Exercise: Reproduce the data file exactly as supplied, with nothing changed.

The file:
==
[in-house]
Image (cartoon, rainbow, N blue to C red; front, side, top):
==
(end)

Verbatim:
[in-house]
Image (cartoon, rainbow, N blue to C red; front, side, top):